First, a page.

Editor’s note: Some statements were partially translated from Spanish.
A series of black-and-white portraits reveal the private lives of gay, lesbian and transgender families in Mexico City in a new exhibit at UT’s Fine Arts Gallery.
Óscar Sánchez took the photographs in the Familias Mexicanas series in the mid-1990s, documenting the families going about daily life in their homes. Leticia Bonifaz Alonzo, professor at the Universidad Nacional Autónoma de México in Mexico City, said the unity in the families included in the project have nothing to do with biological similarities.
“The exhibition takes the reinvention of family as a plural phenomenon, based on a variety of effective relationships that are constructed through daily cohabitation,” said ALonzo, who spoke with about 50 people at the opening. “The connections are not established through blood relation or reproductive sexuality but through the union of individuals pursuing happiness and commitment in love.”
Associate Spanish and Portuguese professor Hector Dominguez-Ruvalcaba, who is also a co-chair of organizing for the Queer Studies Cluster, said the goal of the exhibition’s opening night was to bring in people centrally involved in the process of legalizing same-sex marriage in Mexico.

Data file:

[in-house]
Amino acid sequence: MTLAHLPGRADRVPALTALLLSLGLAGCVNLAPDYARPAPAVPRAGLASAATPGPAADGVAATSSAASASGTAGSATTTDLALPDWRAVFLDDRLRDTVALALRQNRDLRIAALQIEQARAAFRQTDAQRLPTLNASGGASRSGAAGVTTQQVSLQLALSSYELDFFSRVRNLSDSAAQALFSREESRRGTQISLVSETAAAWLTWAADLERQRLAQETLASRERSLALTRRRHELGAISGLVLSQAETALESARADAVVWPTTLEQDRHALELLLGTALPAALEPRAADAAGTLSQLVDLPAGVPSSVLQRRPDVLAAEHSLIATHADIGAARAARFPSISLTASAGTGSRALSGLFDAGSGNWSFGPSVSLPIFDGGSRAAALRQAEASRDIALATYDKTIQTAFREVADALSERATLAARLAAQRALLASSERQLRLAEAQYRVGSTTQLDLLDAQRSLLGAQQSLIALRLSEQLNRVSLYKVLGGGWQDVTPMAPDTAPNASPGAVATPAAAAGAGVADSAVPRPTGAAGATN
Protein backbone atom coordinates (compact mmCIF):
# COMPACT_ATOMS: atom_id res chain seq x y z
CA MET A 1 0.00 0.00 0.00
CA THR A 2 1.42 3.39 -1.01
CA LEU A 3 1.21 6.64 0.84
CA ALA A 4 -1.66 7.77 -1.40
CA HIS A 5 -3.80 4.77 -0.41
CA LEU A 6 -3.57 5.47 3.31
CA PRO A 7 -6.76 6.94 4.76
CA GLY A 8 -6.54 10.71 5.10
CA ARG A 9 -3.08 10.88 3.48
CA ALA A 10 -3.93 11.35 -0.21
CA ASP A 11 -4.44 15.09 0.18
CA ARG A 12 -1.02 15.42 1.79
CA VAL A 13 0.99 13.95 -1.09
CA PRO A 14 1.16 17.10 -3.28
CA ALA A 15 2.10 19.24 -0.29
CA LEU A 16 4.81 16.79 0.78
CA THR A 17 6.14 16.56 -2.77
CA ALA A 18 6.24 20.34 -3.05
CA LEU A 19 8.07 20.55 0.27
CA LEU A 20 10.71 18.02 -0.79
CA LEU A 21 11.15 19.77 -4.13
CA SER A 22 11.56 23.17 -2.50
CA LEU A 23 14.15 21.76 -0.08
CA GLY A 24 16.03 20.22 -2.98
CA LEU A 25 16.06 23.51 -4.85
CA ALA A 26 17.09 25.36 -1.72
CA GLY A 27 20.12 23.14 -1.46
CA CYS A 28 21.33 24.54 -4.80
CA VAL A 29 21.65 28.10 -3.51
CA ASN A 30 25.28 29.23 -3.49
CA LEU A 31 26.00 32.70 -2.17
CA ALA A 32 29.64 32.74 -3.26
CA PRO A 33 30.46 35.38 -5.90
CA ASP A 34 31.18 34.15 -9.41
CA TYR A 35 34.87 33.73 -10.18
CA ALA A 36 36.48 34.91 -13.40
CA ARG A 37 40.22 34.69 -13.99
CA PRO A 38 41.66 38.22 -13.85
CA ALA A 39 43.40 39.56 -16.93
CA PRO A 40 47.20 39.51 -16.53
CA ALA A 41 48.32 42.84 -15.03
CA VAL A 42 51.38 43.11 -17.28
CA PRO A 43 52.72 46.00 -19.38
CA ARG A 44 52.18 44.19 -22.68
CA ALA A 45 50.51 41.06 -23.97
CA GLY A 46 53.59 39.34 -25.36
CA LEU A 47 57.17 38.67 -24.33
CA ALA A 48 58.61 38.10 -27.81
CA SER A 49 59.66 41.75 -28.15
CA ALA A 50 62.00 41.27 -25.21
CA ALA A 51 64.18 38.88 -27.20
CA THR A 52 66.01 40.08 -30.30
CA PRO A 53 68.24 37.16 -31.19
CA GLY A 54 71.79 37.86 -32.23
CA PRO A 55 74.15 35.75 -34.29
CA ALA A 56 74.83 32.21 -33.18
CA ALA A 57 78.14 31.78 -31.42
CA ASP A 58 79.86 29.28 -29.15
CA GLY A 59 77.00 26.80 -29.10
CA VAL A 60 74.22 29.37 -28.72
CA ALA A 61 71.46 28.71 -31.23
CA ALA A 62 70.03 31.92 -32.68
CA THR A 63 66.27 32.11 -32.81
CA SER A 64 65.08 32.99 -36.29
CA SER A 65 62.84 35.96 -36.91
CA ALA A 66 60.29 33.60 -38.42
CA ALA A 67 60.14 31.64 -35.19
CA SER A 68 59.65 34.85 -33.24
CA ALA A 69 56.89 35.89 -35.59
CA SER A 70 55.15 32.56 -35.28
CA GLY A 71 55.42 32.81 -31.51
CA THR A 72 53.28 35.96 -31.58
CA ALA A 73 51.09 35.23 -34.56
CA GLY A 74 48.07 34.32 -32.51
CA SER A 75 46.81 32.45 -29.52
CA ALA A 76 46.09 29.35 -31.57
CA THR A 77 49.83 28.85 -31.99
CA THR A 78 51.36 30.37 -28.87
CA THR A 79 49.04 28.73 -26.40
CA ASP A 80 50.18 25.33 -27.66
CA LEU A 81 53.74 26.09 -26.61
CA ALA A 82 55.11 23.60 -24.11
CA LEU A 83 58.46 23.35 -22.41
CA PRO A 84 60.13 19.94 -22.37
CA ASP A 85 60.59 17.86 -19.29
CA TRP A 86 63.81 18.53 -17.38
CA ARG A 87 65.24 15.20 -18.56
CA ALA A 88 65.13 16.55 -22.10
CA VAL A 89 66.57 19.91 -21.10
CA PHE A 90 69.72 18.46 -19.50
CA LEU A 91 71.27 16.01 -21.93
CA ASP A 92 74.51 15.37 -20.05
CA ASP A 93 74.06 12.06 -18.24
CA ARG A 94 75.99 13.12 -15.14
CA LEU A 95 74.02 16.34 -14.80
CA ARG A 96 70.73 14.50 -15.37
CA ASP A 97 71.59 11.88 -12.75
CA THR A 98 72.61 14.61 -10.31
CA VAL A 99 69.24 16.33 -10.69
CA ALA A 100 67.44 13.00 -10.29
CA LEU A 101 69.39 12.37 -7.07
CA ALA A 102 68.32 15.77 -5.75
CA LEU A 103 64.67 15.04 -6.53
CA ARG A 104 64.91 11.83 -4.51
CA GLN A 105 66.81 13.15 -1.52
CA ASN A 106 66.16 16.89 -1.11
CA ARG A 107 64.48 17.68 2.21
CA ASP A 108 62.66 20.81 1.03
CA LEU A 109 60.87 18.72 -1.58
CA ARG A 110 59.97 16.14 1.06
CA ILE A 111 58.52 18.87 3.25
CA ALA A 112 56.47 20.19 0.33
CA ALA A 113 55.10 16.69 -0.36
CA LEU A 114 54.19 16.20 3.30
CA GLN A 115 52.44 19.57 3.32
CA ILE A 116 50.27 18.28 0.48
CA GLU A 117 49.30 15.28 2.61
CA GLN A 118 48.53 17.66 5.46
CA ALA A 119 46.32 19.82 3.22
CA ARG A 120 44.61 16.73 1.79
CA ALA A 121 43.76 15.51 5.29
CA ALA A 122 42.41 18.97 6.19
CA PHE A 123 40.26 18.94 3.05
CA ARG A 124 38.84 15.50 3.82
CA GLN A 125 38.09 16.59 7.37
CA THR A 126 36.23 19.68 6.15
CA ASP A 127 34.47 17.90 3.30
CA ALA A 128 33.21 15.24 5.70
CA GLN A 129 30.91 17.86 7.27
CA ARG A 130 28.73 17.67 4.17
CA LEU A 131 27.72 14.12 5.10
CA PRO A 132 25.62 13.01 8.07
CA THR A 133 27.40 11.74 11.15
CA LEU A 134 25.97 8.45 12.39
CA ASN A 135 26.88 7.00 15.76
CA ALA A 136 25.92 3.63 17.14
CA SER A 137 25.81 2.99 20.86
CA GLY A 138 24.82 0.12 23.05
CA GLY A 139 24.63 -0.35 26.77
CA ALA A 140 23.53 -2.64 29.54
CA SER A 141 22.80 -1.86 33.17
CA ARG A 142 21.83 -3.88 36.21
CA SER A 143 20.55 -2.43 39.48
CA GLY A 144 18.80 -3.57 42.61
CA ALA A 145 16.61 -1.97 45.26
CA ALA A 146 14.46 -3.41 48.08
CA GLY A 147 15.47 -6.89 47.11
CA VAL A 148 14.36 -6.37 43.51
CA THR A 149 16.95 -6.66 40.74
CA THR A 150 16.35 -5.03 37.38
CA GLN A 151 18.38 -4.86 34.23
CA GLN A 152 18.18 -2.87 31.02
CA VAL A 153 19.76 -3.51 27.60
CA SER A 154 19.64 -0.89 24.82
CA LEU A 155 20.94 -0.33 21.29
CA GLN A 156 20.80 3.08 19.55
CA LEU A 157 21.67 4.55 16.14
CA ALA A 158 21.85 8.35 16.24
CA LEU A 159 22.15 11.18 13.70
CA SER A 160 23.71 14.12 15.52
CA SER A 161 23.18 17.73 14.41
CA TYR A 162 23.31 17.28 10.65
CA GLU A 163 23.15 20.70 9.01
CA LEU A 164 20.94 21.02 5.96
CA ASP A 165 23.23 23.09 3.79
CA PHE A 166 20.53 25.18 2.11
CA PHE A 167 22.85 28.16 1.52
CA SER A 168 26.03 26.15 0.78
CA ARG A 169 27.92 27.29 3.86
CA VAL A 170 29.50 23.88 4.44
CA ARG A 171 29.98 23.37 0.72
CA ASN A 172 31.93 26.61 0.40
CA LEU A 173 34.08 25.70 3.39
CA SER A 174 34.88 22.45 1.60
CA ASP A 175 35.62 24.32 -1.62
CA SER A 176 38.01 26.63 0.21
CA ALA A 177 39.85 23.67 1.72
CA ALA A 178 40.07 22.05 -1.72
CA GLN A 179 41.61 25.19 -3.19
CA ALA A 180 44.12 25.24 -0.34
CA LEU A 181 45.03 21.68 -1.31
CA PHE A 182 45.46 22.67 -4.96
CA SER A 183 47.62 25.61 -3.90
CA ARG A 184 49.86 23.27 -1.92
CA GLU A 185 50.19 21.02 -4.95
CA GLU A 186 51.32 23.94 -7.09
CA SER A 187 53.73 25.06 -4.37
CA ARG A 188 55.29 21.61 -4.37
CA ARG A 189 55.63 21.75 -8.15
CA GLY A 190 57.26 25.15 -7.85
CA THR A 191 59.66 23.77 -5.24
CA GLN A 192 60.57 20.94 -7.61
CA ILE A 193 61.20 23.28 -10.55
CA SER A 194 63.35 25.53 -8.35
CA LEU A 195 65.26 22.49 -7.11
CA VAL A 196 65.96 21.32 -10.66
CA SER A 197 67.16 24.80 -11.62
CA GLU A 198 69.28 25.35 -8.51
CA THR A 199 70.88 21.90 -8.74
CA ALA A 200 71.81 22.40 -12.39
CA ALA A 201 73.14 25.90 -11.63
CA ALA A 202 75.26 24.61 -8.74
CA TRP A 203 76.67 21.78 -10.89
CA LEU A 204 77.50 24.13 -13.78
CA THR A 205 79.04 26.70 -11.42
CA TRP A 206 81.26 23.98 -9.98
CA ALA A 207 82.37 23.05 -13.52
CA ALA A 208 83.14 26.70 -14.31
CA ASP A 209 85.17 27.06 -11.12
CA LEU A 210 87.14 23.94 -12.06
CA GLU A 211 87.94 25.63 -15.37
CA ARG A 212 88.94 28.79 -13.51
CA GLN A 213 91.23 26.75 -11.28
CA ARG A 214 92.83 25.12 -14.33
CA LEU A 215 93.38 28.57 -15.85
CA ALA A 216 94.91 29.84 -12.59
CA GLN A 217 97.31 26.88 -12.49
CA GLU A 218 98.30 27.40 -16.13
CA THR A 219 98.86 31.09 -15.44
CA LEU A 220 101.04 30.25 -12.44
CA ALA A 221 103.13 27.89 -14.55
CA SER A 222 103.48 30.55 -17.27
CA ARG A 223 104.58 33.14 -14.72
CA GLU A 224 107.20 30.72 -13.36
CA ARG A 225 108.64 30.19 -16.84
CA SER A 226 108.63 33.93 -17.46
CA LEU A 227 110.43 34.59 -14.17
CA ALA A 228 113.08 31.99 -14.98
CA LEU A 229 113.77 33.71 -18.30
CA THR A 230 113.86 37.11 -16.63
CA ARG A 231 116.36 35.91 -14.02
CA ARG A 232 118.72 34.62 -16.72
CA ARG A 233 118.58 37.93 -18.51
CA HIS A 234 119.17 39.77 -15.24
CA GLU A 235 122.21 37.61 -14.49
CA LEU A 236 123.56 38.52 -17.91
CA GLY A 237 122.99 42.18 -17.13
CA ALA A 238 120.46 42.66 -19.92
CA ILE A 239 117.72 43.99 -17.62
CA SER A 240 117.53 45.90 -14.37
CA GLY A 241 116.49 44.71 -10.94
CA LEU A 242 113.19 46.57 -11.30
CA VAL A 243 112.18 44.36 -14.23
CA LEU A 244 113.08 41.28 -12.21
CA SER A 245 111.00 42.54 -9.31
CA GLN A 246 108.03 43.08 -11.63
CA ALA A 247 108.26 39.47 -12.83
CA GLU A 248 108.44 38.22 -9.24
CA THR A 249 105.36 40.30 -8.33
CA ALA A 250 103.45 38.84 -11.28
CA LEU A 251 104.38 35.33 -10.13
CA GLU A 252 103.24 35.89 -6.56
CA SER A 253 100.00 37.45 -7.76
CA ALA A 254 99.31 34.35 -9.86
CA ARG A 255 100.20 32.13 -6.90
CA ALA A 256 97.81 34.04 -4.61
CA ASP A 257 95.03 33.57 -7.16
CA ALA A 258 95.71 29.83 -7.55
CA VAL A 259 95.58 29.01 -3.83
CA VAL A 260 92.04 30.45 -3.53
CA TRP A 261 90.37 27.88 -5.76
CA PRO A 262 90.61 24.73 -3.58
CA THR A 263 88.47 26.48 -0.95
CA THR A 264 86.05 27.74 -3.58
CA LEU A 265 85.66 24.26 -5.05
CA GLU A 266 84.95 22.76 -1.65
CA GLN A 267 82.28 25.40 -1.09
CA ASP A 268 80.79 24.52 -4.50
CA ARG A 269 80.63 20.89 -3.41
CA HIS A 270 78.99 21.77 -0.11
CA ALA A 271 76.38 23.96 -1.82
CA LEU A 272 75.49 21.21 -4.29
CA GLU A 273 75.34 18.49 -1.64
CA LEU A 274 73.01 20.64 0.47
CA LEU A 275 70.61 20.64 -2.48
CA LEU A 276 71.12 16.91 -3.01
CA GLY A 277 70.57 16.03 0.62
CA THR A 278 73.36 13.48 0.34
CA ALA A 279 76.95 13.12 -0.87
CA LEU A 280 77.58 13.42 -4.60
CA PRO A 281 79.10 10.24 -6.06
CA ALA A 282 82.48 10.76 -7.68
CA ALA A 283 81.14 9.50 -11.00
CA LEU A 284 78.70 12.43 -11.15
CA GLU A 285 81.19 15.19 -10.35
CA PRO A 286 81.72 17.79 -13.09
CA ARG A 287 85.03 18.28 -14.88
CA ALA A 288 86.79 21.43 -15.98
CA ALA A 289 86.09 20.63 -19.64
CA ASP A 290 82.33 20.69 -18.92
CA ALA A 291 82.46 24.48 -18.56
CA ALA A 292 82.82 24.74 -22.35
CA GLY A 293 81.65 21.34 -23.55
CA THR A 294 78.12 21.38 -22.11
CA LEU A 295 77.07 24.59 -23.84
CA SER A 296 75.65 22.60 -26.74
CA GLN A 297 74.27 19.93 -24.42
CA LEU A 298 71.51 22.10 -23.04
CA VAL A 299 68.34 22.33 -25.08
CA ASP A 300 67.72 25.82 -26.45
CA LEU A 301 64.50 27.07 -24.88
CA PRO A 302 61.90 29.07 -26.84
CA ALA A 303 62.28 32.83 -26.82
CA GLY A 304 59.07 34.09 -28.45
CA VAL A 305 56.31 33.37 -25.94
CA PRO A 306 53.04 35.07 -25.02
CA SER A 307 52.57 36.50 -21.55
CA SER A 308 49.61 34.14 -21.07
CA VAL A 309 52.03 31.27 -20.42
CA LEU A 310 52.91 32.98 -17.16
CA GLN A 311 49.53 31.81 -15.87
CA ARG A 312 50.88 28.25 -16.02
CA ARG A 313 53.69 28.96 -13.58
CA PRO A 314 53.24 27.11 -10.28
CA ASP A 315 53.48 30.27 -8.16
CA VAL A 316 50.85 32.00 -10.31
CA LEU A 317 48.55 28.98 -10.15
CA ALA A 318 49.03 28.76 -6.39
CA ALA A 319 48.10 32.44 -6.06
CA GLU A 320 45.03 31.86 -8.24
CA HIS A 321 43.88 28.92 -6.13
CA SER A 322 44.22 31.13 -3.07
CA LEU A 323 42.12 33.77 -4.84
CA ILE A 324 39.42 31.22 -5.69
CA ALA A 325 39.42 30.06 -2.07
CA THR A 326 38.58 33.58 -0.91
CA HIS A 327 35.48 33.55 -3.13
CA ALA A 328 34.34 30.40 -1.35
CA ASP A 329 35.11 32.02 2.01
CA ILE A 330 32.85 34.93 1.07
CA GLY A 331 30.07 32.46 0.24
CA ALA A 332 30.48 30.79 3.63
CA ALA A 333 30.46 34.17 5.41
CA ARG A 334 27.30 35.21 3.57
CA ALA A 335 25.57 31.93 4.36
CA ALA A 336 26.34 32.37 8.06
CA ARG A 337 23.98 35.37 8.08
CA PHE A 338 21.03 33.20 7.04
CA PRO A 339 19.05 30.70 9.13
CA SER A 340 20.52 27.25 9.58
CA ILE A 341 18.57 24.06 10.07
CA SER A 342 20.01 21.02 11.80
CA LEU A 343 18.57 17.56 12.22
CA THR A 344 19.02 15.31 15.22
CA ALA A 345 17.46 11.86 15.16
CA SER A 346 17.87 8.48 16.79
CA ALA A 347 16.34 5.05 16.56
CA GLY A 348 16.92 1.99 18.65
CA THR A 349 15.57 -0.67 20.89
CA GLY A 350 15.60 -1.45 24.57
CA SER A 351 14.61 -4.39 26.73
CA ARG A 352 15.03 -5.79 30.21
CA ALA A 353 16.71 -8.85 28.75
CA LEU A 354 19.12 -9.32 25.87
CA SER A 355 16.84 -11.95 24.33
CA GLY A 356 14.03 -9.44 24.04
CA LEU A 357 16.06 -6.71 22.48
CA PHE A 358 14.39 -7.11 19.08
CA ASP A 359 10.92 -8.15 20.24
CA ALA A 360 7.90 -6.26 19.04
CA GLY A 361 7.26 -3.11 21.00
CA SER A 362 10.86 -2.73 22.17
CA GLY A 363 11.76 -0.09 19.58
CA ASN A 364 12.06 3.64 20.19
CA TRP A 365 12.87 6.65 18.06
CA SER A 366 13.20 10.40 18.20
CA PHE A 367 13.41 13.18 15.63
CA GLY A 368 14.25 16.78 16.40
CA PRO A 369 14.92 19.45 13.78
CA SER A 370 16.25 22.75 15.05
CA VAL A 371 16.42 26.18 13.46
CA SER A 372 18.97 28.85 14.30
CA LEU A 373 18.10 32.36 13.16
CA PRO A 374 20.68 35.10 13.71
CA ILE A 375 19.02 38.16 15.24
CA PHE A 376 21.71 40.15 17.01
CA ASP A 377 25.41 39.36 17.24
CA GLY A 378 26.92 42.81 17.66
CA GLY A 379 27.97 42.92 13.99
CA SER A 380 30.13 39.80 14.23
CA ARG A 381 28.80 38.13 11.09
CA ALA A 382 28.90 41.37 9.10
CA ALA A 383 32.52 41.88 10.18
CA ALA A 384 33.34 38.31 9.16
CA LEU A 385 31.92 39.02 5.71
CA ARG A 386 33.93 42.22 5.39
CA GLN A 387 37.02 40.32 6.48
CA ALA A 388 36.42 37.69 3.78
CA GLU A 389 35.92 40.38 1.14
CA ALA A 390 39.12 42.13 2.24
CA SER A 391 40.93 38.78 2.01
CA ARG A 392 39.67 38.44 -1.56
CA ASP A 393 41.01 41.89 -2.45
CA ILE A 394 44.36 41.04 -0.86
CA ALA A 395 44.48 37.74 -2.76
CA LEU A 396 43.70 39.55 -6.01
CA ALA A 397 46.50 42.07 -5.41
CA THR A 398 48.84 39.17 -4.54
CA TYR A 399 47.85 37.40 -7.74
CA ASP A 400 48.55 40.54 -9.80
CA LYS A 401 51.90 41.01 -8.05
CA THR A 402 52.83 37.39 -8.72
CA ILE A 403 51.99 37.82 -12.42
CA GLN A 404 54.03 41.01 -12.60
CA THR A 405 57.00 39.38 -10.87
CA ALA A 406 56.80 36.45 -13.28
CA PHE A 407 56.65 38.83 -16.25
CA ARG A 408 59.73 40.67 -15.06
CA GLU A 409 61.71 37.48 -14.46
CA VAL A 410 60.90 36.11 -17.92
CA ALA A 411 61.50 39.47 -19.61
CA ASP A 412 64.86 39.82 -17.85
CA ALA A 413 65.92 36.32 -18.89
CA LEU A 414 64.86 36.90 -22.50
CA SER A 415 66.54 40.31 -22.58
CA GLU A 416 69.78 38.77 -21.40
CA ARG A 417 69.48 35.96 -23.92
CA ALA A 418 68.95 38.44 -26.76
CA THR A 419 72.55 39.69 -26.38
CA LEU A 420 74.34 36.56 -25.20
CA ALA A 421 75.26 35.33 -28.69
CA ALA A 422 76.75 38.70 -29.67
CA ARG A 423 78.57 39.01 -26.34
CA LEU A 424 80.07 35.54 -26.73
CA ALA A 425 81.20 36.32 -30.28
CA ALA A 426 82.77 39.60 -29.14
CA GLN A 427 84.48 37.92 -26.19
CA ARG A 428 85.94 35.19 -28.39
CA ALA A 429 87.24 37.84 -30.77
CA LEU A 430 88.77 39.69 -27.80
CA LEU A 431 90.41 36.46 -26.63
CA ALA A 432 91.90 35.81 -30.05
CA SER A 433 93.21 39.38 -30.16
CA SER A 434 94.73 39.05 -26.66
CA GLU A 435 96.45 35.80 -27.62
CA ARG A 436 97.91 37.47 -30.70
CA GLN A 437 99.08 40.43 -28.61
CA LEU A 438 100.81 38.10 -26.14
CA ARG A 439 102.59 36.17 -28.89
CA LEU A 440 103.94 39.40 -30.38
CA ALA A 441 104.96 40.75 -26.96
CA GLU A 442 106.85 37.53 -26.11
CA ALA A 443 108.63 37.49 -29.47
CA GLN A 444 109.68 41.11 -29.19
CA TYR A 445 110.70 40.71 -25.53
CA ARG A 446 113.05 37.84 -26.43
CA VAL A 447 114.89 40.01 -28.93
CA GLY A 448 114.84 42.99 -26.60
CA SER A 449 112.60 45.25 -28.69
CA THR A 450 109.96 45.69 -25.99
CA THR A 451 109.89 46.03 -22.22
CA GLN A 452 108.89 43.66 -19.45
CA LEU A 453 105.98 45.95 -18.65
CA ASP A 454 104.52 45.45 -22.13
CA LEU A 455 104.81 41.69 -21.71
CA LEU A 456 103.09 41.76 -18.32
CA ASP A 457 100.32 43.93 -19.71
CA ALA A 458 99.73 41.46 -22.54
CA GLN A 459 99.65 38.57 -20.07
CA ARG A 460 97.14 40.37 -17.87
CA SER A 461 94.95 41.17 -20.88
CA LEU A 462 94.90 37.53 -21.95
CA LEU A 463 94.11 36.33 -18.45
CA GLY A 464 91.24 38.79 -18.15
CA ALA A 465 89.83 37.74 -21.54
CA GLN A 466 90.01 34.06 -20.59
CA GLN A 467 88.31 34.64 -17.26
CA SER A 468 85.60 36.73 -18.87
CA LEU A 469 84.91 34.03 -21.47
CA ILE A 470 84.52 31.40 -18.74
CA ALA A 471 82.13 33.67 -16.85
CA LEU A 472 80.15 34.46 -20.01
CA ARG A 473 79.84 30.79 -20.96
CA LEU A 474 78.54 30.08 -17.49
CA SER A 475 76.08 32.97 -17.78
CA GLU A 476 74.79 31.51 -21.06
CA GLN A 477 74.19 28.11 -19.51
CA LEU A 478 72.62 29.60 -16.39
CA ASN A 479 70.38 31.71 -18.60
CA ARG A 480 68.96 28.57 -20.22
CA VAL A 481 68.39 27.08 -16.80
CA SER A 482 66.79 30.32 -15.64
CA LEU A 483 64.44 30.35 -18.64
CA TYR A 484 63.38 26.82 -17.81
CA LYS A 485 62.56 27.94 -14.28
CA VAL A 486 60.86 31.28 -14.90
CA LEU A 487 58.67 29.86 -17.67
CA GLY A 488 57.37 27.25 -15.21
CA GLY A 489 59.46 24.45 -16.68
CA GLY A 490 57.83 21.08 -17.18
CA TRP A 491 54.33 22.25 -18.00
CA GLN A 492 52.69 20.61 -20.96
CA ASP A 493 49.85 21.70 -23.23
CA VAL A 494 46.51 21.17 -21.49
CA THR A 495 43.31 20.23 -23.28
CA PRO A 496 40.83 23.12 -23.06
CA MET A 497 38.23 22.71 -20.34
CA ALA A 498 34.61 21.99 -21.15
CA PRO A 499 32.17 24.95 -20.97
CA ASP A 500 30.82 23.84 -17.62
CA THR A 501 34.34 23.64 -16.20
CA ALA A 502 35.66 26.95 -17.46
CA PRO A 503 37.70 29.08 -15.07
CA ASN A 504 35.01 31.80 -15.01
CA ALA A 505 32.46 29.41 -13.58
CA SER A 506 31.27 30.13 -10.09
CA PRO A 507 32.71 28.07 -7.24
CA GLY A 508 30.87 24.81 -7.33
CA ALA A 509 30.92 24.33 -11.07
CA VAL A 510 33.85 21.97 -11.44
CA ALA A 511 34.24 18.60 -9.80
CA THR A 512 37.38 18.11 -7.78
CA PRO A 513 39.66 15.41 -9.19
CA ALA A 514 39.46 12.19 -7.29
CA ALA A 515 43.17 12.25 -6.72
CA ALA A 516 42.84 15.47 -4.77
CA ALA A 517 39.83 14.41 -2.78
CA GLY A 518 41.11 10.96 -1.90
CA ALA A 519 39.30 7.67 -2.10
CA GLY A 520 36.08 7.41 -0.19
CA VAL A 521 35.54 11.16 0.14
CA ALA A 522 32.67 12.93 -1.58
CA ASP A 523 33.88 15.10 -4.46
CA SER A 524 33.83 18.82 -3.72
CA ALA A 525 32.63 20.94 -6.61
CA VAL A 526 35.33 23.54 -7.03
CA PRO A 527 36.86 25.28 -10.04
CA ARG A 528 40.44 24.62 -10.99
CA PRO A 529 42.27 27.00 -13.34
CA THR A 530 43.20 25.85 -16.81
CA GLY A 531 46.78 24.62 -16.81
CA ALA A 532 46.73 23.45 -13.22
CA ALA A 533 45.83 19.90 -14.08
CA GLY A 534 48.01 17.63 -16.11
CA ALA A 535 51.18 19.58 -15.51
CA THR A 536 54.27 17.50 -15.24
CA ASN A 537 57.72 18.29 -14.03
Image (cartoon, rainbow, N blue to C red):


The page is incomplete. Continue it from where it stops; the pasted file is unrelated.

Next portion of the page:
The first civil unions, including those for same-sex couples, took place in Mexico in 2007. In January 2009, an amendment to Mexico City’s civil law legalized gay marriage in the capital.
Dominguez-Ruvalcaba said the amendment endured constitutional debate, and in August 2009, the Mexican Supreme Court upheld the decision, legalizing gay marriage and gays’ rights to adopt throughout the country.
“Sánchez is an activist through his photos, and Alonzo was instrumental to making this amendment possible,” he said.
The lecture and question-and-answer section were conducted in Spanish and mediated through an English translator.
“The decision was influenced by Alonzo’s fluency, but I also believe that Texas is not English country. It’s Spanish country,” Dominguez-Ruvalcaba said. “It was something of a political statement to hold the lecture in Spanish.”
The audience for the lecture and the opening included Spanish speakers, bilingual people and English speakers.
“I’m interested in how the work highlights a social situation that I’m not really aware of,” said studio art senior Erica Holloway, who took advantage of the audio translation. “I simply didn’t know anything about same-sex marriage in Mexico, and I came to learn more.”
In addition to the Queer Studies Cluster, several UT centers and programs supported the exhibition, including the Teresa Lozano Long Institute of Latin American Studies.